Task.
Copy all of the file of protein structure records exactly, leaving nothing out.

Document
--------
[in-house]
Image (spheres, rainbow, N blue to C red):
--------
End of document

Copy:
[in-house]
Image (spheres, rainbow, N blue to C red):